Teaching

CURRENT COURSES

Fall 2017
Spring 2018

UPCOMING COURSES

PAST COURSES

RESOURCES

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CURRENT COURSES

Fall 2017

On leave.

Spring 2018

HIS 329U Perspectives on Science and Math (Wr).

Perspectives on Science and Math explores the intellectual, social, and cultural history of science and mathematics, focusing on the 17th century to the present. This is an upper-division history course designed for students in UTeach Natural Sciences. It has four interlocking goals: to give students an overview of the history of science and math in order to broaden their understanding of subjects they will teach in the future; to enable them to put this broader history and context to work in science and math pedagogy; to improve their ability to research, analyze, and evaluate information; and to improve their writing and communication skills.

This is a Writing Flag course. It is designed to give students experience writing within an academic discipline. Students can expect to write regularly during the semester, complete substantial writing projects, and receive feedback to help them revise their writing. Students will also have the opportunity to read and discuss peers’ work.

(Sample Syllabus)

(Perspectives on Science and Math Links & Sources)

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UPCOMING COURSES

2018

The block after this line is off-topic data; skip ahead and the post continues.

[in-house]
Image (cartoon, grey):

Caribbean History at the Crossroads: Nature, Knowledge, and Nation (Graduate historiography seminar)

The Caribbean is a heterogeneous region, fragmented by language, race, culture, political status, and, physically, by shorelines. Rather than staking out firm boundaries, however, Caribbean historians have increasingly shown how productive thinking across borders can be. The diversity of the Caribbean is united by a shared history of colonization and plantation slavery––a history marked by human migrations, cultural exchange, and flows of commodities and capital. New historiographies of environment and science also emphasize the circulation of knowledge and material flows across national boundaries. This graduate seminar finds common ground among these approaches, centering on the Caribbean and providing an introduction to new trends in the fields of environmental history and the history of science. This course will thus approach the Caribbean as a region at the at the crossroads both of world history and multiple historiographies.

HIS 322G History of the Modern Life Sciences.